A legitimate center prospect should obviously have height (6'10" and up) and, more importantly, the ability to defend in the low post. With so many teams in the NBA playing small ball for stretches, the lines here can be blurred, though.
Ideally, though, a bigger body is still the desired player-type in the middle.
Under those parameters, there are a handful of prospects that project as centers likely to be taken in the first round of the 2013 NBA draft. The game has changed so much over the last 10-to-15 years that even some of these players may not pass for what used to be called a "true center."
The prospect sitting atop my list of center prospects is a perfect example.
Kentucky's injured big man Nerlens Noel is a shade under seven feet and very thin at this stage of his career. But his abilities to control the glass, block shots and protect the rim make him project as a center.
He suffered a season-ending knee injury on Feb. 14 in a game against Florida. The injury is a torn ACL, and while it has taken away his season, along with any chances Kentucky had at defending their national championship, the injury shouldn't hurt Noel's draft stock too much.
Torn ACLs aren't the death sentence they used to be, and because Noel is so young, a full recovery is more likely than not. Jay Bilas of ESPN told Kentucky.com:
"These aren't catastrophic injuries anymore. They used to be career-threatening. It's just career-delaying now."
This is not Noel's strong suit, and I doubt that he'll ever be a great shooter. He doesn't display the type of touch or form that makes you think he has a high ceiling here.
A set shot from 15 feet could be developed, and even a dependable jump hook would be nice for his offensive repertoire. But as of now, he doesn't show much development.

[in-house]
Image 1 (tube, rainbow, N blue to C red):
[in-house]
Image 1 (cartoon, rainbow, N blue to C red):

He did shoot 59 percent from the field this season, but most—if not all—of his shots came from within five feet of the basket. Noel was also a horrid free throw shooter, at just 52 percent.
Needless to say, this is an area he needs to improve.
As the season progressed, before he was injured, Noel was starting to show good vision as a passer. He was recognizing cutting players and making more effective outlet passes after rebounds.
With more experience and concentration on this area of his game, he should become an average-to-good passing big man in the NBA.
He averaged 1.6 assists per game, which isn't bad for a true freshman center.
Noel doesn't put the ball on the floor much, despite his good athleticism. However, considering his age and consistent playing time, his 1.9 turnovers per game weren't excessive.
With the style of game that best suits him, Noel just needs to increase his awareness while backing down his man in the post. He can also focus on making accurate and timely passes if and when the double-team comes.
This is another area that will improve with more experience and maturity.
Defense and Physical Attributes
Noel isn't a legit seven-footer, yet. Per NBADraft.net, he measured at 6'11" in shoes in his senior year of high school, when he also had a 7'4" wingspan.
At 18 years old, growing another inch or two is certainly not out of the question, but it isn't needed to make him a true center, either. His wingspan is more than sufficient to play in the post.